(e) Passive samplers offer a variety of valuable applications in urban environments. These include enhancing a suite of species measured, enhancing/providing spatial resolution of the measurements, and in selecting/evaluating appropriate locations for monitoring sites.  
(f) GURME offers an excellent opportunity to strengthen co-operation with important WHO activities, such as the Air Management Information System (AMIS).

The following recommendations were forwarded: 
1) GURME should assist NMHSs in providing air quality services of high quality. A spectrum of activities should be pursued. These should include activities such as: illustrating and promoting the linkages between meteorology and air quality; building awareness with end-users (customers) through applications related to compliance, trend analysis, and industrial/city planning; and providing opportunities for twinning and facilitating expert assistance. 
2) GURME should assist NMHSs in developing urban-environmental forecasting capabilities by providing guidelines on available models, conducting inter-comparisons, and facilitating training activities. GURME should organize a workshop focused specifically on forecasting, with emphasis on presenting the spectrum of forecasting tools, ranging from meteorological to chemical, and statistical to dynamic, and an appropriate uses (including examples of model uses and limitations).  
3) In the area of urban measurements GURME should focus specifically on those that support urban forecasting. This focus may require different measurements than those at present. GURME should formulate guidelines to: better define meteorological and air quality measurements (including contemporary techniques to obtain vertical structure; i.e., wind profilers, and satellite products); to help optimize the number of and placement of monitoring sites, and which measurements are needed at each site. Activities should include making available guidelines, assisting in QA/QC analysis, inter-calibrations, and extending these efforts to include key meteorological parameters. 
4) GURME should promote the use of passive samplers to augment chemical measurements in urban-environments, to aid in site selection, and provide added spatial resolution in support of model evaluation.  
5) GURME should fully utilise the Internet, and do so though the development of GURME Website designed to assist in its activities. These activities could include a catalogue of appropriate measurement and modelling techniques, with examples of successes, failures, and various degrees of applications for new measurement techniques and models, and as a forum to exchange information on a variety of issues is encouraged. Furthermore GURME should consider utilizing the Internet to create or link to common data bases, and data archive for those parameters of interest to GAW and WMO, and that includes both meteorological data and chemical data. Such an activity should be done carefully to avoid unnecessary duplication and should include links to other existing data bases. The GURME web site should also house archives and updated information on models, including examples of use and limitations, and contact person information for each model, where the contact person would provide feedback to users and potential users for specific models.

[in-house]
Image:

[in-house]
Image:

6) GURME should promote a series of pilot projects to demonstrate how NMHSs can successfully undertake/expand urban environment issues. The Chinese CMA ?Beijing project? presented at the workshop represents an excellent example. GURME also needs to consider other ways to promote its activities. These could include highly visible studies such as an up-date to the UNEP/WHO Air Pollution in the MegaCities of the World, showcasing new technologies at appropriate conferences, and developing illustrative examples. 
7) GURME should pursue linkages with National/Regional/International programmes (e.g., Environmental Agencies, Municipalities, International Global Atmospheric Chemistry (IGAC) programme, etc.), in addition to other WMO programmes. The success of GURME activities will rest heavily on these linkages.  
8) GURME should pursue efforts to enhance the already strong links between WMO and WHO. A strong co-operation will help to convey that meteorological, health and environmental agencies can and must work together in the successful management of urban environments.  
9) WMO needs to identify ways to facilitate NMHSs initiatives related to urban environments. These will include twinning relationships, facilitating the use of experts, as well as pursuing additional funding channels (e.g., such as The Asian Development Bank and The World Bank, through such programmes as their Clean Air Initiative).